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Buck's S30V vs 420HC

Discussion in 'Buck Knives' started by Lenny, Dec 3, 2012.

  1. Lenny


    Oct 15, 1998
    I'm thinking of getting either a 501 or 110 from the Custom Shop.
    I know Buck's 420HC is highly regarded, but how does it stack up to their S30V?
    What differences will I see in regular use, and heavy use?
    Thanks all,
  2. Badhammer

    Badhammer Gold Member Gold Member

    Jun 8, 2009
    Buck's 420HC is, as you stated highly regarded. IMHO their S30v is also done very, very well. For my use I don't see much difference as I'm quite happy with either but, given the small premium Buck charges for the S30v over their 420HC it's really too good of a bargain to pass up. I believe you'll be happy with either.
  3. 300Bucks

    300Bucks Moderator Moderator

    Apr 19, 2005
    I am not a metal expert, but I think most of them recommend the need of diamond hones to easily sharpen S30V. 300
  4. tiguy7

    tiguy7 Gold Member Gold Member

    Jun 25, 2008
    Sharpening S-30-V is not a problem using Silicon carbide (Carborundum), Aluminum oxide (Corundum), or Arkansas stones (microcrystaline quartz). I also sharpen S-60-V and S-90-V on the same stones. I have the diamond stuff, but it isn't required.
  5. Flatlander1963

    Flatlander1963 Gold Member Gold Member

    Jan 28, 2008
    Get the S30V blade. I agree with previous posters that it's a small surcharge for the improved edge holding which I value greatly. A bargain for sure.

    The primary benefit S30V imo is excellent edge holding that exceeds 420HC. I find sharpening S30V on Spyderco's Sharpmaker to be no chore at all. The 420HC is easier to sharpen and will take a scary sharp edge much more quickly.

    If you don't have any experience with premium steels which are harder and thus more time consuming to sharpen, and if you only have the old wet stone you may indeed find S30V a bit difficult to sharpen.

    The stain resistance favors 420HC but not by much.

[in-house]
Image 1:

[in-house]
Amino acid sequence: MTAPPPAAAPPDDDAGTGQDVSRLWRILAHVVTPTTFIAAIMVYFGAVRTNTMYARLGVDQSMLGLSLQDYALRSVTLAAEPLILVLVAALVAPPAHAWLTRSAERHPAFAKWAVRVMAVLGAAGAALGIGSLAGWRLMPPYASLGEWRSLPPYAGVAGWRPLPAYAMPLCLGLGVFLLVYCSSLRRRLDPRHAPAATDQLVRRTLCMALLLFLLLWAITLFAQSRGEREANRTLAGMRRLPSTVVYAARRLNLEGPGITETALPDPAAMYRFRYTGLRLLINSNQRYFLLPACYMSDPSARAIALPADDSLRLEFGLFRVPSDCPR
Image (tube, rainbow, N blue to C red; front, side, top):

Really its about your personality. Do you like to get a good working sharp edge and have that knife hold it for a while? If so S30V. Since you said it will see some heavy use, S30V would be a better choice. But, if you like to sharpen and keep a hair splitting edge then 420HC.

    Either steels will last you many years if not a lifetime.
  6. bertl

    bertl Gold Member Gold Member

    Feb 17, 2011
    I'm pretty ignorant about all the different steels but my opinion is that most of the modern steels will do a good job. When buying a new knife, the steel is not the most important thing for me. On the other hand, if you have a choice, you might as well get as much information as possible. Joe Talmadge has a pretty good article about knife steels. One thing he mentions is that to get the most out of the S30V, the sharpening angle should be 15 degrees, not 20 or 25. If you don't change the angle you aren't getting the potential advantage of the steel.
  7. mbjannusch


    Apr 1, 2010
    I have had both, and in my opinion I like the 420Hc better for a couple of reasons. First the chore of sharpening, I have your average three stone whet stone, course, medium, and fine. S30v is a pain to sharpen when using a whet stone. Others may disagree but, I've used the same stones for 20 years and have always got good results until I tried to sharpen S30V. Second, I live, work and play close to the Ocean and for whatever reason S30V has spot rust on the blade after a few hours of being on the ocean. My 420Hc never comes back with rust spots. The price differences are not an issue. Most S30V steel bladed knives will cost you double what Buck charges. The custom shop knives are special though, and there's nothing special about 420HC. Its a great working steel but for the Custom shop you may as well go out with a bang...